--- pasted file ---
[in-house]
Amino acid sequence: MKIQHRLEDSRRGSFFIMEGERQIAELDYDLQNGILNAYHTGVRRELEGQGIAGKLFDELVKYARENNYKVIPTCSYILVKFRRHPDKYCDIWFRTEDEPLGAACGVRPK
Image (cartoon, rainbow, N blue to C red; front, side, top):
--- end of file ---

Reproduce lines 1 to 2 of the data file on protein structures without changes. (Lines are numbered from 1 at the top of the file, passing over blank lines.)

[in-house]
Amino acid sequence: MKIQHRLEDSRRGSFFIMEGERQIAELDYDLQNGILNAYHTGVRRELEGQGIAGKLFDELVKYARENNYKVIPTCSYILVKFRRHPDKYCDIWFRTEDEPLGAACGVRPK